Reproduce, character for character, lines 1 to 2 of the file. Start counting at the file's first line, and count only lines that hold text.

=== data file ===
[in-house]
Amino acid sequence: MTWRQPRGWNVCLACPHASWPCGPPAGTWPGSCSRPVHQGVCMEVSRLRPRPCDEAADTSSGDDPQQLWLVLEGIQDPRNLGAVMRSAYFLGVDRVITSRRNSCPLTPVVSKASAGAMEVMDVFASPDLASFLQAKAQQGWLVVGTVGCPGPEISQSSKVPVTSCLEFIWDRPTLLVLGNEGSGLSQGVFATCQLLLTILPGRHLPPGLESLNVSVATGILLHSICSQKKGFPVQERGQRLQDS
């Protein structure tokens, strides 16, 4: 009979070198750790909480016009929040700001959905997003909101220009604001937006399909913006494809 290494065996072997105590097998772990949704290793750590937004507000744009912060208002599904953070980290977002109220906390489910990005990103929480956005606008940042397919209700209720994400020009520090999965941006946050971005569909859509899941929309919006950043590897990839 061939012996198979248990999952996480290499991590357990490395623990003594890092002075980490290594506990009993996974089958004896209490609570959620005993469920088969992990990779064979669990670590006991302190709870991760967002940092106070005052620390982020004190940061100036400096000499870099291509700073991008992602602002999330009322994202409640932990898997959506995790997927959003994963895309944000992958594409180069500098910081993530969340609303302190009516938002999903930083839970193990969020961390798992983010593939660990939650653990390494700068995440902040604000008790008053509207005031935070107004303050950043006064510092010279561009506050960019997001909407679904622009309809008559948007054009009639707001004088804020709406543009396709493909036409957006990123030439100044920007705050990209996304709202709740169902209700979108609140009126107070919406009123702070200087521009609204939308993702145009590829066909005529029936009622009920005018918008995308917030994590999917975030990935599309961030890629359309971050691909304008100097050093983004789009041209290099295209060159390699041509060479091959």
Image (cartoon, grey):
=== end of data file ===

[in-house]
Amino acid sequence: MTWRQPRGWNVCLACPHASWPCGPPAGTWPGSCSRPVHQGVCMEVSRLRPRPCDEAADTSSGDDPQQLWLVLEGIQDPRNLGAVMRSAYFLGVDRVITSRRNSCPLTPVVSKASAGAMEVMDVFASPDLASFLQAKAQQGWLVVGTVGCPGPEISQSSKVPVTSCLEFIWDRPTLLVLGNEGSGLSQGVFATCQLLLTILPGRHLPPGLESLNVSVATGILLHSICSQKKGFPVQERGQRLQDS